Green Pools and Climate Change

Jesse Farmer Uncategorized

One of the more bizarre stories coming out of the 2016 Summer Olympics involves pool water. On Tuesday, the bright blue diving pool turned to swamp green in a matter of hours, while the water polo pool only a few feet away maintained its pool-blue hue:

The power of water chemistry: Swamp green diving pool with lower alkalinity (left) next to the bright blue water polo pool with normal alkalinity (right). Photo: Antonio Bronic/Reuters
The power of water chemistry: Swamp green diving pool with lower alkalinity (left) next to the bright blue water polo pool with normal alkalinity (right). Photo: Antonio Bronic/Reuters

What happened? To be clear, climate change did not suddenly turn one pool at a major sporting event green. And early reports of an algae bloom were found false. But the official reason why the pool changed colors has everything to do with climate change: water chemistry. Officials from FINA, the international swimming federation, blamed the color change on a sudden drop of water alkalinity due to a “[loss] of chemicals used in the water treatment process”.

What is this “alkalinity” thing, and why does it matter for climate change? Alkalinity is defined as the excess number of nonreactive, positively charged ions in water versus the number of nonreactive, negatively charged ions in water.

That is a mouthful, so let’s break that definition down:

  • “Nonreactive ions” means ions that do not participate in chemical reactions and lose their charge. For example, the ocean has high concentrations of the positive ion sodium (Na+) and negative ion chlorine (Cl). Combine the two together, and you get NaCl, a.k.a. table salt. But if you swim in the ocean today, you don’t find chunks of table salt everywhere. That is because the reaction of Na+ and Cl to form NaCl is not energetically favorable in the ocean’s “conditions” (temperature, ion concentrations, etc.). In other words, Na+ and Cl do not react because #thermodynamics.


  • “Excess number” means that yes, there are more nonreactive positive ions than negative ions. Virtually all bodies of water on Earth (including pools) have a greater number of nonreactive positive ions than negative ions. This is true for the ocean, as well:
The concentration and charge of nonreactive ions in seawater. Note that the sum of charges of positive ions (red) is greater than the sum of charges of negative ions (black). This difference is the ocean’s alkalinity.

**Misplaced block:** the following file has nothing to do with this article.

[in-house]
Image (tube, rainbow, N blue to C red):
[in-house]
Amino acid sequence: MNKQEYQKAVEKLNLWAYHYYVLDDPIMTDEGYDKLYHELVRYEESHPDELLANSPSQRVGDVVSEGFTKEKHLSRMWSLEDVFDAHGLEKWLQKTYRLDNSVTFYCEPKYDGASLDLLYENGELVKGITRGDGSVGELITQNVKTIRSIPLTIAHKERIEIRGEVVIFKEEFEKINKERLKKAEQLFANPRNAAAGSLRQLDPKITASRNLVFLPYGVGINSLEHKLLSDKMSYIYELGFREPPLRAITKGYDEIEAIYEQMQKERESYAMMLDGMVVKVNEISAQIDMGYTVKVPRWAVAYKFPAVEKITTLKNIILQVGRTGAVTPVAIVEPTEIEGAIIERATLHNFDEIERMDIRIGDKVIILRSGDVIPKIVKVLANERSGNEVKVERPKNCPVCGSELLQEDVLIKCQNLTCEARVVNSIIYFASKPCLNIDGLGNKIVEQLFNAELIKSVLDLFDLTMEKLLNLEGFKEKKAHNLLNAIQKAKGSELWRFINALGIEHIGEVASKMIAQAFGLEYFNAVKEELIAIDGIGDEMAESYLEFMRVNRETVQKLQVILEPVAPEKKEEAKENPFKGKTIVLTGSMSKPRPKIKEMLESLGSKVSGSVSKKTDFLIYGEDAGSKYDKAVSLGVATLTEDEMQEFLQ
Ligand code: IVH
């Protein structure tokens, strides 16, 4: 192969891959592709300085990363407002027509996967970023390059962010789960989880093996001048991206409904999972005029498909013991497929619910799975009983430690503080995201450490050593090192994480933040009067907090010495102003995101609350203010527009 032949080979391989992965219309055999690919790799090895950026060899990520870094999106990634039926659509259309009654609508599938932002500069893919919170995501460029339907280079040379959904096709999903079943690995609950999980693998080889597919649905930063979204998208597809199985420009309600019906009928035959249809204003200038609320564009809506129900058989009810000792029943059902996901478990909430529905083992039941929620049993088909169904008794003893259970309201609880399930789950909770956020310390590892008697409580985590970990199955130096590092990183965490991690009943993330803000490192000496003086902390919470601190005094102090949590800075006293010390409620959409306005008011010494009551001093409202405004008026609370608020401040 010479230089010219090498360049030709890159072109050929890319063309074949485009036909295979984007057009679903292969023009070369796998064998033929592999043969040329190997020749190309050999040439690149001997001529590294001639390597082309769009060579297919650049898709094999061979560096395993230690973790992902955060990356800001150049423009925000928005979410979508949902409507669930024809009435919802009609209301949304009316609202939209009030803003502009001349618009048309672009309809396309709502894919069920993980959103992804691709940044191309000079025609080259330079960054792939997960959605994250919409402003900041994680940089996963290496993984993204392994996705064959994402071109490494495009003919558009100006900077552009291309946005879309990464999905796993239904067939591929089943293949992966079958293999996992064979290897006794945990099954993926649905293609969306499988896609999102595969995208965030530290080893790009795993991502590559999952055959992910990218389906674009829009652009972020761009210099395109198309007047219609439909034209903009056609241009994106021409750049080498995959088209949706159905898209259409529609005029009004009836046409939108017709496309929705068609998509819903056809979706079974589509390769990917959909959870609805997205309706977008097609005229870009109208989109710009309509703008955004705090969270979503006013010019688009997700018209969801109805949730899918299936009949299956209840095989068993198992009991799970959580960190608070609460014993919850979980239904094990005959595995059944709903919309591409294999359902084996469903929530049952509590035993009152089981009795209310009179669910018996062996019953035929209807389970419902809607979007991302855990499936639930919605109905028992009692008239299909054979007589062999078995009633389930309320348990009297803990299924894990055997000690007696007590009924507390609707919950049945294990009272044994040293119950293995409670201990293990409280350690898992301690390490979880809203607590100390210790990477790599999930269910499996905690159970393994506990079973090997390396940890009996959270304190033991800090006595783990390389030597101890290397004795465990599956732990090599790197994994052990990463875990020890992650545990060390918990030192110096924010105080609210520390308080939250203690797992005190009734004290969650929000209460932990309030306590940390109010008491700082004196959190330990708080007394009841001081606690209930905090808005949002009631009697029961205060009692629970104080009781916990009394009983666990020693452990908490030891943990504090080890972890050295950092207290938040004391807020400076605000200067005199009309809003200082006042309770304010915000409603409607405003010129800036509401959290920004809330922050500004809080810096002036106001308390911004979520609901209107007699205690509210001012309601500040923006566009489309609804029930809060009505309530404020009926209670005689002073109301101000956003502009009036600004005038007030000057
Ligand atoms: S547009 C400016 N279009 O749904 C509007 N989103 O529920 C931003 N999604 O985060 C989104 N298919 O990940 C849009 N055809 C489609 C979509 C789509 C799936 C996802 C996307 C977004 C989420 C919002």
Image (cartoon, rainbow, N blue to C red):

But wait, if charges in a body of water are not balanced, shouldn’t you get shocked every time you enter the water? That does not happen because in reality all waters are electroneutral: They possess exactly the same number of positive ions as negative ions.

The key for waters to obtain electroneutrality (as they must) is that alkalinity only involves nonreactive ions. The net positive charge resulting from the greater number of nonreactive positive ions is balanced by net negative charges from reactive ions. And here’s the link to climate: The largest source of reactive, negative charges that balance the excess positive charges are two compounds derived from carbon dioxide (CO2): Bicarbonate ion (HCO3) and carbonate ion (CO32-). These compounds are linked through the following reversible acid-base reactions:

CO2 + H2O ↔ H2CO3 ↔ H+ + HCO3 ↔ CO32- + H+

Here’s the climate takeaway: If alkalinity increases, the above reactions move to the right. Concentrations of HCO3 and CO32- increase, and the concentration of CO2 dissolved in the ocean decreases. This leads to two results: First, less CO2 escapes from the ocean into the atmosphere, and second, the ocean has a greater capacity to absorb CO2 from the atmosphere. As a result, increased ocean alkalinity will reduce atmospheric CO2 and cool climate. This is the crux of one theory of the ice ages for nearly 50 years: Ocean alkalinity increased prior to an ice age, drawing down CO2 and cooling climate. But the devil is in the details; how exactly ocean alkalinity might increase, both today and in the past, is an area of active debate.

Finally, back to pools: Why did the pool water turn green with less alkalinity? The short answer is, I don’t know. After a vigorous debate with fellow graduate students this morning, we came up a few ideas. Either the color change was due to ion-ion interactions changing the preferential spectral absorbance of water from red to (I’m guessing) a longer, purple-ish wavelength (remember: the color of something you see is the opposite of whatever color is being absorbed). Or the color change could have resulted from precipitation of greenish-colored minerals (such as copper compounds).

Chemist or not, what do you think happened to the Rio pool? Feel free to post ideas in the comments below.